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Identifying potential impacts of epilepsy surgery in children

Prof Torsten Baldeweg

Professor Torsten Baldeweg

Endeavour Project Grant Awardee

- University College London

Date Published: August 25, 2021

Author: James Matejka

Professor Torsten Baldeweg and his team at University College London were awarded an Endeavour Project Grant in 2011 to investigate the potential impacts of surgery in children. In this Research Blog Professor Baldeweg explains the impact this research has had in the field of paediatric epilepsy surgery.

Why is this research needed?

Approximately one-third of children with epilepsy do not respond to medication, and a proportion of these children may be considered for surgery to remove the part of the brain where their seizures originate.

Before surgery, a neurosurgeon needs to obtain an accurate image of the child’s brain and the areas in which important functions (such as language) are located, to avoid removing or damaging them during the operation. This is achieved using imaging and neuropsychological testing. However, children’s seizures often originate in one of these critical brain regions, and this makes the decision of whether or not to operate even more difficult.

How has this research helped people children with epilepsy?

Using state of the art neuroimaging techniques, as well as language and neuropsychological tests, we studied children three to five years after they underwent surgery for epilepsy and recorded their cognitive and educational outcomes. Comparing these results with a control group we were able to demonstrate that children who had surgery had fewer seizures and better language and neuropsychological results than children who did not have surgery. We also found that the majority of children who were seizure-free after surgery showed significant increases in brain volume and improved cognitive scores.

Additionally, children who had surgery to the specific parts of the brain that support memory (i.e. the temporal lobes), did not suffer additional memory loss as result of surgery and some memory functions even improved significantly. This is due to the ability of the younger brain to compensate for injury (‘brain plasticity’) which we were able to show using functional and structural neuroimaging (see Figure, showing increases of grey matter in frontal and temporal brain regions associated with IQ gains after epilepsy surgery, from report by Skirrow et al. 2019, Epilepsia).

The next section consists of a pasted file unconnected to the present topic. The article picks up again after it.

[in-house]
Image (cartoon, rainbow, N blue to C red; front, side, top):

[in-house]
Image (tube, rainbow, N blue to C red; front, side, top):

Based on the patient data generated through this research, doctors can now make better predictions of cognitive outcomes for children following surgery. These results have also helped make the case for earlier detection and surgical treatment in children for whom surgery is an option, as well as providing an important benchmark for the evaluation of non-invasive neuroimaging methods.

This research has been vital for the field of paediatric epilepsy surgery. We are immensely grateful for Epilepsy Research UK and its supporters who without, this research would not have been possible.

What’s next?

Building on the results of our Epilepsy Research UK project, we are currently conducting a 20-year review and follow up with over 1,000 children who underwent surgery for their epilepsy at Great Ormond Street Hospital since 2000. Next, we are planning an even larger study to chart patients health and educational trajectory (after they left hospital care) during adulthood. The aim is to better predict who will benefit from neurosurgery in terms of seizure freedom and to establish the longer-term impact of epilepsy surgery on educational development. A major international multi-centre effort is also directed at improving presurgical neuroimaging diagnostics, using the application of artificial intelligence (AI), to help doctors detect hidden brain abnormalities that give rise to seizures.

Earlier in the month, we shared a Research Blog from Rachel who is one of many young people who, thanks to this ground-breaking research, is now seizure-free and has achieved a life free from epilepsy. You can read her story here.

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